The water bond: pros and fiery cons

Is the $7.5 billion water bond the legislature passed this week good for the state? And does it put the hurt on the Delta region?

Sen. Lois Wolk of Davis, who co-authored the bill, says it’s good.

“This is a very different bond than the pork-laden one currently on the ballot, which helped some regions of this state, but hurt others,” said Wolk, who sticks up for the Delta. “This bond is good for the Delta and all of California, and it’s affordable.”

The bond meets state needs, but ”it includes hard-won victories for the Delta including language to ensure this bond is BDCP neutral and includes no funding that can be used to pay for the Delta tunnels or tunnel mitigation projects,” Wolk said.

“Also included are requirements that Delta communities have a voice in decisions on projects in the Delta—as well as first-ever funding for the Delta Conservancy and the opportunity for the Conservancy to demonstrate that it can deliver on the important charge it was given in 2009,” her statement said.

“This bond is a compromise,” she concluded. “It isn’t perfect. But it is still a win for the Delta and the state, and it is a bond that voters can support in November.

No, no, no, said Bill Jenings, head of the California Sportfishing Protection A.

Jennings called the bond “a poster-child of pork barrel politics, a rejection of 21st Century solutions and a return to the failures of the Dam Building era.”

“Contrary to claims by the architects of the Water Bond, it represents an enormous underground subsidy for BDCP’s Delta tunnels,” Jenings wrote.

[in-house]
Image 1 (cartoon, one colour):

How? “It provides $2.7 billion for new, marginal, river-damaging, low yield dams benefiting special interests that will provide little “new” water and would not be economically viable except for lavish public subsidies.  To persuade the dam lobby to support the Bond, the legislature increased funding for dam construction by slashing funds allocated to recycling by more than 44% from the previous version of the Bond.”

Also, “Under existing regulations, purchased water upstream becomes “abandoned” as it enters the Delta and thereby is “available” for export through the tunnels to southern California.  Public purchases of water represent an enormous subsidy for special interests and supporters of the Delta tunnels.”

Yes, the he bond provides millions of dollars for new habitat in the Delta, but “the vast majority of existing habitat restoration projects in the 223,000 acres of present conservation lands in the Delta have failed because of the massive diversion of water that is a necessary prerequisite for functional, productive aquatic habitat that benefits native species,” Jennings wrote.

So there’s a sketch of pros and cons pending further analysis. I have the greatest repect for Wolk, but off the cuff it appears the only reason the Delta is receiving environmental restoration funds is to mitigate the exports through the tunnels. Therefore — again, as a preliminary judgment — the bond is not “tunnel neutral;” it helps make the tunnels a reality.


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    Michael Fitzgerald

    Mike Fitzgerald is The Record’s award-winning metro columnist. His column runs in the paper three times a week. Born in San Francisco, he was raised in Stockton. His column covers diverse beats including, sometimes, the offbeat. Read Full
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